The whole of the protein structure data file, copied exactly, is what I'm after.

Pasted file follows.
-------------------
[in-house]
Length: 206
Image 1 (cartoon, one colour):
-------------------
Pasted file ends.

[in-house]
Length: 206
Image 1 (cartoon, one colour):